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EXPLOREMY LIBRARY
Bloomberg Businessweek-Asia Edition

Bloomberg Businessweek-Asia Edition 2/12/2018

Each issue of Businessweek features in-depth perspectives on the financial markets, industries, trends, technology and people guiding the economy. Draw upon Businessweek's timely incisive analysis to help you make better decisions about your career, your business, and your personal investments.

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Country:
China
Language:
English
Publisher:
Bloomberg Finance LP
Frequency:
Weekly
₹593.96
₹2,100
50 Issues

in this issue

13 min
pssst—   want some crypto?

Late one Monday morning last December, Baiju Bhatt and Vlad Tenev, co-chief executive officers of online stock brokerage Robinhood, called an emergency meeting in the company’s cramped Palo Alto office. Behind them on a flatscreen TV an image of the Greek sun god, Helios, appeared over a hot pink background with the words “DON’T SLEEP” in giant, yellow type. On the bottom, right-hand corner of the image was a date: Jan. 31. The meeting was short but to the point. Bhatt and Tenev told the 150 employees—some watching via video from Robinhood’s Orlando office—that the company was in danger of missing out on Bitcoin, which, as they saw it, was the biggest thing to happen to the financial-services industry in decades. Workers would have to drop what they were doing and…

4 min
don’t use this ai tailor … yet

Original Stitch has all the trappings of an e-commerce success story. It’s a San Francisco startup with an artificial intelligence angle, $5 million in funding from A-list investors, and a factory partner in the Japanese Alps. The pitch is simple: Original Stitch uses computer-vision software to review photos of your most beloved dress shirts uploaded to the company website, then delivers perfectly tailored copies. We tried it—the only problem was that it didn’t work. When the first shirt arrived too tight around the chest and too long in the sleeves, we figured an editor’s sloppy photography was to blame, but the problems persisted with a second attempt. A third shirt, ordered under a different name to make sure we wouldn’t get special treatment, could barely be buttoned up. The sleeves felt…

4 min
singapore is the new hong kong

When more than 80 of China’s wealth managers gathered recently at the Shangri-La on Singapore’s resort island of Sentosa, the chatter during tea breaks kept returning to one theme: Hong Kong is starting to be eclipsed by Singapore as the favorite destination for the wealth of China’s rich. At stake for banks in both cities is a huge pile of money. China’s high-net-worth individuals control an estimated $5.8 trillion—almost half of it already offshore, according to consulting firm Capgemini SE. For some, the city-state of Singapore is preferable because it’s at a safer distance from any potential scrutiny from authorities in Beijing, according to interviews with several wealth managers. Multiple private banking sources in Singapore, who wouldn’t comment on the record because of the sensitivity of the subject, report seeing increased…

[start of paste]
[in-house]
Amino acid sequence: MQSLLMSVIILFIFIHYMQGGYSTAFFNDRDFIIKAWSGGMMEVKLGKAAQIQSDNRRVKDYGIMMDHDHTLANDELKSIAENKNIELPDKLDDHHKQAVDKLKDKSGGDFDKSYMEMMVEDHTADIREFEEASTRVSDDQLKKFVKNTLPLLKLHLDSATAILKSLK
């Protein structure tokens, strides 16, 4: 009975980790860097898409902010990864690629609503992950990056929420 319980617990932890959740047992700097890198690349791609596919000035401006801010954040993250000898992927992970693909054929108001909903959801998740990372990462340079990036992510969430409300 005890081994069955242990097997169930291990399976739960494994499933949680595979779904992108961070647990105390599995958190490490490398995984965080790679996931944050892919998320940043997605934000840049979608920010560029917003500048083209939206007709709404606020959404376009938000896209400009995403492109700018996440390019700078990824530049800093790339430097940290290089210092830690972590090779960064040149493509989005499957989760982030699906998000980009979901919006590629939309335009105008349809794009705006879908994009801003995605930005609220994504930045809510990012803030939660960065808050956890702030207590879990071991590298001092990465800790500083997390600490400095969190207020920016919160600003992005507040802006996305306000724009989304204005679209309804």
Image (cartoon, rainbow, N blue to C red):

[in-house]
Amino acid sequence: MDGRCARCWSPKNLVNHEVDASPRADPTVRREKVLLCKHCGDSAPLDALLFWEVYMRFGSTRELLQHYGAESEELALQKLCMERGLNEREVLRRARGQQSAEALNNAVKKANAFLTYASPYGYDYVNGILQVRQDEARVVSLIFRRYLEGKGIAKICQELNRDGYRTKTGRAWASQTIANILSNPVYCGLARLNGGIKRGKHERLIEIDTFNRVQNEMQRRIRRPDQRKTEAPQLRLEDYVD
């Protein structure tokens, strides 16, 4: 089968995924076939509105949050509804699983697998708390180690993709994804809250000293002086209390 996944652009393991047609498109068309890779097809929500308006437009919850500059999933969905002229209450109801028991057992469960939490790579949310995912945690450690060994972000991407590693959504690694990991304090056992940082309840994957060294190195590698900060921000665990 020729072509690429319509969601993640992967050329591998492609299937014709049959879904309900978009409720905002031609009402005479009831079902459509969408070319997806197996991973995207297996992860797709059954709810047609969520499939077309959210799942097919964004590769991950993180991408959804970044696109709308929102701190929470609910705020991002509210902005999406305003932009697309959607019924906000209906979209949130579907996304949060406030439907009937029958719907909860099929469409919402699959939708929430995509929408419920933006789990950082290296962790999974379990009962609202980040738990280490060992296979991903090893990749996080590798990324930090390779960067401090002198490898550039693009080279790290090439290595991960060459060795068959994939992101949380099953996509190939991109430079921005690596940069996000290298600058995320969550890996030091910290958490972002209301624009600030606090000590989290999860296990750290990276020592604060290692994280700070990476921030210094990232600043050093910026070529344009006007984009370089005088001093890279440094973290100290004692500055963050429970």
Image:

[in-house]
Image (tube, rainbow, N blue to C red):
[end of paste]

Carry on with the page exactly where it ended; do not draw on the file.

5 min
banks win big in trump’s washington

This is “a time to reflect on the need for strong guardrails ... not a time for taking those apart” In early February, with the Treasury secretary testifying about wild gyrations in the stock market and the Federal Reserve leveling unprecedented penalties against Wells Fargo & Co., it may have felt like 2008 again, with the financial system under siege. In reality, banks are booming, at least in Washington. As the 10th anniversary of the financial crisis approaches, many of the restrictions put in place to rein in Wall Street risk-taking are quietly being unwound. The Senate is considering legislation that would remove dozens of major banks from stepped-up oversight. The bill has broad Republican support and has been endorsed by 11 Democrats. In recent months a handful of the federal agencies…

8 min
bitcoin’s candidate for congress

Over the past year, Bitcoin’s meteoric rise—and recent plunge—has captivated the financial world. The political world? Not so much. Washington remains stubbornly ignorant of cryptocurrency and blockchain technology. But that may soon change. A roster of prominent crypto investors has piled in to support a first-time Democratic congressional candidate, Brian Forde, who’s looking to unseat the incumbent Republican in a pivotal Orange County, Calif., race that could determine which party controls the House of Representatives after November’s midterm elections. Forde’s appeal isn’t hard to discern. Before running for Congress, the 37-year-old coder was director of digital currency at MIT’s Media Lab and a technology adviser in Barack Obama’s White House. Forde says his tech and business background is a good match for California’s 45th District, an historically GOP area currently represented…

4 min
welcome to the market, newbies

Was it the computers or the humans? The blame game is on for the wild stock market rout of Monday, Feb. 5, when the Dow Jones industrial average plunged 1,175 points before climbing part of the way back the following day. Some likely suspects: hyperspeed algorithmic trading and a Wall Street stew of complex products that bet on volatility. Another: a record amount of money that has poured into stock funds recently from individuals. Maybe their late arrival—years into a bull market—finally pushed stocks up too high. There was already selling the Friday before, when a strong jobs report stoked fear that a hotter economy could spur the pace of Federal Reserve interest rate hikes. Higher borrowing costs, the thinking went, would crimp profit margins at companies and sap consumer spending…